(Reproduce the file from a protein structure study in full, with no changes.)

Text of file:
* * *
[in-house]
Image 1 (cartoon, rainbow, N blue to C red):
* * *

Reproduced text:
[in-house]
Image 1 (cartoon, rainbow, N blue to C red):